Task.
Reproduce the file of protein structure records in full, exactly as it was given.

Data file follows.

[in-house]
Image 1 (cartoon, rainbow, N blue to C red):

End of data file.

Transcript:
[in-house]
Image 1 (cartoon, rainbow, N blue to C red):